Attention |
Topic was automatically imported from the old Question2Answer platform. | |

Asked By |
Foxcataria |

Hi community

With respect to the **IEEE Standard for Floating-Point Arithmetic** (also known as **IEEE 754**) there are several types of floating-point numbers like float (32 bit) and double (64 bit) where float is single precision and double is double precision.

The standard mentions that float is able to represent ~7.2 decimal digits and double is able to represent ~15.9 decimal digits. And that is where I’m a little confused about how Godot represents floating-point numbers.

In GDScript I try to compute 1.0/3.0 and print the result with 16 decimal digits to check the amount of significant digits of floating-point numbers in Godot. This is the code of interest:

```
var result = 1.0/3.0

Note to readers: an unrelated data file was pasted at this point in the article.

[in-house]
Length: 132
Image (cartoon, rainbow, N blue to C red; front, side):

print("%.16f" % result)
```

The output of the above code is: `0.3333333333330000`

If I try the same computation in Java or C++ I always get:

`0.33333334`

(in case of float)

`0.3333333333333333`

(in case of double)

So why does Godot represent floating-point numbers with 12 significant digits? This is not what I would expect with respect to **IEEE 754**.

Can anyone explain the above result? Or is the `print()`

function the problem?

Here is some data to my OS and the used Godot version:

OS: Windows 8.1, 64 Bit

Godot version: 3.0.2 stable

Thank you

This could be a bug or a mistake on the engine side, you should probably open an issue on GitHub.

Calinou | 2018-03-06 14:43

**Update:**

At the moment it seems to be an issue with the `print()`

function. The value of `1.0/3.0`

is stored correctly internally as a double precision floating-point number with the correct amount of significant digits stated by the **IEEE 754** standard.

Here is the link to the issue I opened on GitHub:

Strange/Unexpected amount of significant digits of floating-point numbers in Godot · Issue #17312 · godotengine/godot · GitHub

Foxcataria | 2018-03-06 19:01

The issue has been resolved. Now `%f`

supports up to 16 decimal places.

bluenote | 2019-12-23 09:25